Infinitive Verbs in Spanish: Verb Endings, Uses & Rules


Have you ever heard the term infinitive verbs in Spanish? Infinitives are crucial to identifying the conjugation model you must use (-ar, -er, -ir). But, on top of this, they also have other basic, yet essential applications you need to know.

So, in this guide to Spanish infinitive verbs, you’ll learn all the crucial information you need to use these verbs correctly. Below is an overview of what we’ll go through:

To make things easier and more practical, I’ve included examples throughout the guide 😉

Let’s do this!  

What Are Infinitive Verbs in Spanish?

Spanish infinitive verbs are verbs in their most basic form. In other words, they are verbs which are not conjugated. Because of this, infinitives do not indicate who performs the action or when it occurred. Infinitive verbs in Spanish can be recognized by the endings -ar, -er, or -ir. 

As mentioned above, Spanish verbs have three infinitive endings: –ar, -ir, and -er. For example: 

Notice that reflexive verbs also use these infinitive endings. They are placed before the pronoun se whose purpose is to let you know that such verbs have a reflexive conjugation

chart showing the infinitive endings in Spanish

For the most part, words ending with –ar, -er, and -ir are infinitive verbs. However, you may find some exceptions to this rule, such as ‘mujer’, ‘militar’, ‘mártir’. 

As you’ll learn in the sections below, infinitive endings also indicate the pattern you must use when conjugating Spanish verbs to different tenses

Take Note: The three infinitive forms are important. However, over 80% of the verbs you’ll use end with -AR. In other words, -AR verbs are the most common type of verb in Spanish. 

How to Conjugate Infinitive Verbs in Spanish

We conjugate infinitive verbs to communicate when an action took place and who performed it. 

To conjugate an infinitive verb in Spanish, you must replace the infinitive ending (-ar, -er, or –ir) with a conjugated ending. Put it another way, we must add a tense ending to the verb’s root. 

Take hablar and comer as examples. 

Yo hablo español.
I speak Spanish.

Ayer comí muchas manzanas.
Yesterday, I ate many apples.

graphic explaining how to conjugate infinitive verbs in Spanish

In Spanish, –ar, -er, and -ir verbs have different conjugation endings depending on the subject pronoun and the tense (moment of time) you need to use. You can see an example in the graphic above. 

Take Note: Verbs are one of the nine parts of speech in Spanish. They’re an indispensable part of the sentence because they communicate that an action is being performed. If you want to check the conjugation endings for other tenses, check my guide on the most common tenses in Spanish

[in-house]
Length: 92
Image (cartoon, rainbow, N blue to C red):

Attaching pronouns to an infinitive

Infinitive verbs in Spanish often work with reflexive, direct, or indirect object pronouns. These pronouns must always be attached to the infinitive if that’s the only verb in the sentence. So, unlike English, Spanish infinitive verbs and pronouns become a single word. 

Here are some examples: 

La maestra quiere verte.
The teacher wants to see you.

¿Y las verduras? Voy a lavarlas.
And the vegetables? I’m going to wash them.

Es importante cepillarse los dientes todos los días.
It’s important to brush your teeth every day.

Take Note: When the infinitive verb is preceded by a conjugated verb (examples #1 and #2), you have two options. You can either attach the pronoun to the infinitive or you place it before the conjugated verb.  

La maestra te quiere ver.
The teacher wants to see you.

When & How to Use Spanish Infinitive Verbs

On top of helping you determine the conjugation model you need, infinitives in Spanish are used: 

  • As nouns
  • To give impersonal commands
  • To complement transitive verbs
  • After certain prepositions
  • To form the near future tense
graphic explaining how to use infinitive verbs in spanish

Check the sections below to learn more about these applications and the structures you need to use. 

As a noun

Spanish infinitive verbs are used as nouns to name an activity. In these types of sentences, the infinitive verb may work as the subject of the sentence: 

[Infinitive verb] + [complement]

Aprender español es fácil y divertido.
Learning Spanish is easy and fun.